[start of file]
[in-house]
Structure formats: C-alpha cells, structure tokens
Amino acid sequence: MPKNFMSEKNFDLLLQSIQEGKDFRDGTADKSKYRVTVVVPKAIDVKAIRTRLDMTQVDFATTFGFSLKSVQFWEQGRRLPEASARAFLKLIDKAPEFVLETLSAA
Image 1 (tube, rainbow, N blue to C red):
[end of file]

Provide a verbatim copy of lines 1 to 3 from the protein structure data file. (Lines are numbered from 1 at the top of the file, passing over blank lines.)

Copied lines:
[in-house]
Structure formats: C-alpha cells, structure tokens
Amino acid sequence: MPKNFMSEKNFDLLLQSIQEGKDFRDGTADKSKYRVTVVVPKAIDVKAIRTRLDMTQVDFATTFGFSLKSVQFWEQGRRLPEASARAFLKLIDKAPEFVLETLSAA